Governor says other countries looking at how CNMI implement COVID-19 protocols
Seeing the sustained strides that Japan is making in its vaccination drive against COVID-19 gives hope for the CNMI in its aim to launch a Travel Bubble with Japan this December, said Gov. Ralph DLG Torres Friday.
When asked during his radio press briefing about the Marianas Visitors Authority’s plan for the Japan Travel Bubble, Torres said he is happy that MVA is looking into such a program with Japan and that MVA is looking at launching that program in mid-December 2021 and into January 2022.
“I look forward to it. I do want to congratulate Japan as well for moving forward with their vaccination,” he said, adding that he hopes to bring back Skymark Airlines, which he said they worked so hard to bring in but was unfortunately stopped because of COVID-19.
Torres is hoping that other Japanese airlines or even other international airlines will create a route from Japan to Saipan.
He also praised the work that the CNMI team has done to keep the community safe, including the work of Governor’s Authorized Representative Patrick C. Guerrero, COVID-19 Task Force chair Warren Villagomez, and all the first responders, nurses, and doctors since Day 1.
“Our community listened and followed through because they believe in that leadership,” he said.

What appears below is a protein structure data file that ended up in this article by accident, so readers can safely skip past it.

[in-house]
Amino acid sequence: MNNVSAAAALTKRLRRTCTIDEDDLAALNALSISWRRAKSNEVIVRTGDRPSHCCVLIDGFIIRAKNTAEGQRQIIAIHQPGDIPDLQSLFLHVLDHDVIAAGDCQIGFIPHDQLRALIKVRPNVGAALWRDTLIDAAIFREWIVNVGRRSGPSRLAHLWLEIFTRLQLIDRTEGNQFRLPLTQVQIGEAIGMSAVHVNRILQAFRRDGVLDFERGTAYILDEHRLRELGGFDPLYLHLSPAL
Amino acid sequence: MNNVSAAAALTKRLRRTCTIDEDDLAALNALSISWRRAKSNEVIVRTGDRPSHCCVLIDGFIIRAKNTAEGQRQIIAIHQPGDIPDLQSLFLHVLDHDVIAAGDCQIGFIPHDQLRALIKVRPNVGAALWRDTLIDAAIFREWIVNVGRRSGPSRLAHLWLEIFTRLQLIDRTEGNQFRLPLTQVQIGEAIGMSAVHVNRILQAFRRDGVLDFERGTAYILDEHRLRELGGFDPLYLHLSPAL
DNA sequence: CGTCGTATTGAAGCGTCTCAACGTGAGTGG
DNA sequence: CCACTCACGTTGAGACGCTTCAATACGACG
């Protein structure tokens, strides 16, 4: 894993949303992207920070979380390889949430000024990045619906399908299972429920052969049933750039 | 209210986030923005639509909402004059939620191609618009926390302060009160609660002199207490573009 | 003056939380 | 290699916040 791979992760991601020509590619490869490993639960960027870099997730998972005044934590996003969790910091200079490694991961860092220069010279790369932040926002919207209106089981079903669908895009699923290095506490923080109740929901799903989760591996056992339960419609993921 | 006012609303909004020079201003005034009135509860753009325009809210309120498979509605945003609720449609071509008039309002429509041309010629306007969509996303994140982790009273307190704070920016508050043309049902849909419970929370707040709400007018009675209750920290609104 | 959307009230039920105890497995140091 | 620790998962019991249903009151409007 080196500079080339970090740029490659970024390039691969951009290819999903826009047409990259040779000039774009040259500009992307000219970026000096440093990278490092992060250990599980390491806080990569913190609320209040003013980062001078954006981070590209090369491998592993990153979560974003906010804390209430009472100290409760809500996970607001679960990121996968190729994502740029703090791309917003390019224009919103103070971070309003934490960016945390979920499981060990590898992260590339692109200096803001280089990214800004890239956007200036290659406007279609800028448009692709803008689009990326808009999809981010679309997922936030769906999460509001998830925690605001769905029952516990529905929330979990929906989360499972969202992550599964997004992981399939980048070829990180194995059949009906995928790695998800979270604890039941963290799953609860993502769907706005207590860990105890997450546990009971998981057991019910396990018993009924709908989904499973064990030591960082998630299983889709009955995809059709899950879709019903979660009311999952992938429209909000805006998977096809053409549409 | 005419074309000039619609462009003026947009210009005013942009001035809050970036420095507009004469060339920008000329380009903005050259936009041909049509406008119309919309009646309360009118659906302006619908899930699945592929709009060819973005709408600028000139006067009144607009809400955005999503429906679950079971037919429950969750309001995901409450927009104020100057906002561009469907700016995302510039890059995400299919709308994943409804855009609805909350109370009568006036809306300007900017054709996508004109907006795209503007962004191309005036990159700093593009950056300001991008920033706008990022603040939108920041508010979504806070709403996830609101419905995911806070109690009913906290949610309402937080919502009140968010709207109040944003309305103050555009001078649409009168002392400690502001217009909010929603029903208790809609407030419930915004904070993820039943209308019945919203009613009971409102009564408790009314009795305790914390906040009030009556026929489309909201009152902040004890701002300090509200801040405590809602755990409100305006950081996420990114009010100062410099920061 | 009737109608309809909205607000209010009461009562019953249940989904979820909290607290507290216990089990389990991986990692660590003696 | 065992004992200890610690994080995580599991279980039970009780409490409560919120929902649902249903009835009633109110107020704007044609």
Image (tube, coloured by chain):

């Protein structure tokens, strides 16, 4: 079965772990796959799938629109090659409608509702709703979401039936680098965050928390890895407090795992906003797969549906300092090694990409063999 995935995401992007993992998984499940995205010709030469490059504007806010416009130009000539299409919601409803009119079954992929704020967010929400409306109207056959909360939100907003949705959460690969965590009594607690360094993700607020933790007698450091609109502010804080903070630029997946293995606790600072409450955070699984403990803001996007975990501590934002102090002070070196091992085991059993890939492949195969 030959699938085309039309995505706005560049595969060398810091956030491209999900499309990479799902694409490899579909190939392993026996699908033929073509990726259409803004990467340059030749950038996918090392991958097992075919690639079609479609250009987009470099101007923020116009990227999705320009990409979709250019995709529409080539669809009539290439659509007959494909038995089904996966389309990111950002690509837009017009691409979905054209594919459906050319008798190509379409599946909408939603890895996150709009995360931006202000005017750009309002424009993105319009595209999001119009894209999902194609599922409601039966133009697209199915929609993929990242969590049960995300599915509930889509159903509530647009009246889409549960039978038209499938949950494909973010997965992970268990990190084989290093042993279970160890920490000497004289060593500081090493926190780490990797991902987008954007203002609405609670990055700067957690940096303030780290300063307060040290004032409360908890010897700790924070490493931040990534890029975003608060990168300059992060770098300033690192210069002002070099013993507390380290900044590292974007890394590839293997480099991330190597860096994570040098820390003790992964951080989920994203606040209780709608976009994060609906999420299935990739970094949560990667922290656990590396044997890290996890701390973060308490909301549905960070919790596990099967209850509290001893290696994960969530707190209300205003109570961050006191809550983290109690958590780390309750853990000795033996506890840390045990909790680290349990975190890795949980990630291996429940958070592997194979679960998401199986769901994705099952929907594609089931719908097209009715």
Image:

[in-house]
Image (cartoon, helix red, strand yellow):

The governor said out of over 250 positive cases in the CNMI, the last 60 positive cases have been identified in the last three weeks only because of the delta variant.
“I know how strict we are. And I think people understand that now and appreciate that, and not just them, but even other countries,” he said.
Torres said other countries are also looking into the CNMI’s protocols. “And this pandemic, it’s a two-way thing. So we can be safe here. But until our partners are able to open up their quarantine site and increase their vaccination, or herd immunity, it’s very difficult to have that conversation,” the governor said.
He said it’s critical to diversify the CNMI’s tourism markets, and not just focus solely on Japan, Korea, and China. Torres said there is a need to venture out to Australia, perhaps even Vietnam, New Zealand, and Singapore.
He said diversifying the CNMI’s tourism market is the only way for the CNMI to have a stronger foundation for economic stabilization.
With respect to the CNMI-South Korea Travel Bubble program, the governor said CNMI is the only destination that South Korea has ever signed a Travel Bubble with.
“That is a big thing,” said Torres, noting that it’s because South Korea trusts the CNMI’s system and trusts the people that’s running the protocols.
He said to have South Korea encourage their people to only come to the CNMI puts the CNMI not just in a better position, but also showcases Rota and Tinian.